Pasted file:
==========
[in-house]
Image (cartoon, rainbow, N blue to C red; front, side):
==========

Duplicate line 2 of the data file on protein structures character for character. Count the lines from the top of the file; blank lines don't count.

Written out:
Image (cartoon, rainbow, N blue to C red; front, side):